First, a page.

Objective: Lower lipid and insulin levels are found during a glucose-tolerance test in obese black than obese white South African women. Therefore, beta-cell function and lipid metabolism were compared in these populations during a mixed meal.
Research methods and procedures: Blood concentrations of glucose, free fatty acids (FFAs), insulin, lipograms, and in vivo FFA oxidation were determined at fasting and for 7 hours after oral administration of a mixed emulsion containing glucose-casein-sucrose-lipid and [1-(13)C] palmitic acid in 8 lean black women (LBW), 10 obese black women (OBW), 9 lean white women (LWW), and 10 obese white women (OWW). Subcutaneous and visceral fat mass was assessed by computerized tomography.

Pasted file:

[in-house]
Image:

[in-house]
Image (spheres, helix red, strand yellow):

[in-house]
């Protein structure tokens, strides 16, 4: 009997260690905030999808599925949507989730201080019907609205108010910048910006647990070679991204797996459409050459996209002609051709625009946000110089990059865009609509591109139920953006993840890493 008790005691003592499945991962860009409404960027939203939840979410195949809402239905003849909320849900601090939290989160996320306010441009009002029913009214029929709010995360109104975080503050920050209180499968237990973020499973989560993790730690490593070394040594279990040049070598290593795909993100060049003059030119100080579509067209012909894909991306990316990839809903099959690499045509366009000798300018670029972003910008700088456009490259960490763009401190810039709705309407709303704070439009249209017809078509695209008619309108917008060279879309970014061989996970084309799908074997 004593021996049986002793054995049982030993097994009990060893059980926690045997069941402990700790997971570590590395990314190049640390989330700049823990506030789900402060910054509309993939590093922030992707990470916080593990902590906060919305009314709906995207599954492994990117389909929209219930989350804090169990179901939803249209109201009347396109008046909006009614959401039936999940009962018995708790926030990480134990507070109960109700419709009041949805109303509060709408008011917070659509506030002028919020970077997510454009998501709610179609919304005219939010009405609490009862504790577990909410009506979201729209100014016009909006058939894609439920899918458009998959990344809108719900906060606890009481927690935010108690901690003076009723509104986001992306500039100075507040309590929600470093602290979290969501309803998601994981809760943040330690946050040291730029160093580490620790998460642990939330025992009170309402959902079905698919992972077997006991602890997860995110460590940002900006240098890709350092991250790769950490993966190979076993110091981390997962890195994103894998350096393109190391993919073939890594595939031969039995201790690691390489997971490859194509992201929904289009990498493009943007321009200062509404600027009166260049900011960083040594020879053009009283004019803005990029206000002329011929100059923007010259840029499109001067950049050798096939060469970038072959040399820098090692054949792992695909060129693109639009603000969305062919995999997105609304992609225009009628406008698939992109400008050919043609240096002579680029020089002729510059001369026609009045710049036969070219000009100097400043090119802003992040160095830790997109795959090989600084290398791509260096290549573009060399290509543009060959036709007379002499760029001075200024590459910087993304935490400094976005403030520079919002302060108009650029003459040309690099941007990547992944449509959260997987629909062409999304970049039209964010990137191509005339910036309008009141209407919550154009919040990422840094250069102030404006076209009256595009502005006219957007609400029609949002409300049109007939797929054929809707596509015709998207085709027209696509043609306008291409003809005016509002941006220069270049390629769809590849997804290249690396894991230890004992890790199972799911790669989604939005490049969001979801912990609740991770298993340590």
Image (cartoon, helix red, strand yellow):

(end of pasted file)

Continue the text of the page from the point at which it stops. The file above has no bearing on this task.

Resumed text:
Results: Visceral fat area was higher in OWW (152.7 +/- 17.0 cm(2)) than OBW (80.0 +/- 6.7 cm(2); p < 0.01). In OBW, 30-minute insulin levels were higher (604.3 +/- 117.6 pM) than OWW (311.0 +/- 42.9 pM; p < 0.05). Total triglyceride was higher in OWW (706.7 +/- 96.0 mM x 7 hours) than OBW (465.7 +/- 48.2 mM x 7 hours; p < 0.05) and correlated with visceral fat area (beta = 0.38, p = 0.05). Palmitate oxidation was higher in lean than obese women in both ethnic groups and correlated negatively with fat mass (beta = -0.58, p < 0.005).
Discussion: The higher 30-minute insulin response in OBW may reflect a higher insulinotropic effect of FFAs or glucose. The elevated triglyceride level of OWW may be due to their higher visceral fat mass and possibly reduced clearance by adipose tissue.